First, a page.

Tech companies can learn from the NeurIPS conference screening submissions for potential biases and misuses
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There may be a dime a dozen examples of human bias creeping into artificial intelligence (AI) algorithms, little is being done by companies to factor in ethical considerations in AI decisions. Rather, most companies tend to carry out corrections post facto, with much apologising, of course. However, a reputed conference is trying to change the rules of the game. As per Nature, the Neural Information Processing Systems (NeurIPS) conference that took place earlier this month incorporated an ethics board to screen papers and assess whether the technology suggested would have any potential side-effects or if the research could have unintended uses. The aim of the board is to suggest participants to go beyond their remit and develop technology that considers larger ramifications for the society. This year, of the 9,467 submissions, 290 were flagged, and four even got rejected.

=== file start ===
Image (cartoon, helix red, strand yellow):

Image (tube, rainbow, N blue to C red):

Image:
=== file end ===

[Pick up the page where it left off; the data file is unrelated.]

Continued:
Although many would argue that screening papers on ethical aspects would take away focus from research, what also needs to be considered is that the world is increasingly battling cases of technology misuse. For instance, deep-fake technology is being used by miscreants to spread fake news. Although many companies like IBM have withdrawn their facial recognition offerings for policing, many police departments and city administrations still use such technology, despite reports of bias and faulty recognition. Ethical considerations would force researchers to consider aspects of privacy and incorrect use of technology. Given how deeply technology can penetrate every-day life, developers need to avoid creating tech-Frankensteins, and NeurIPS shows the way.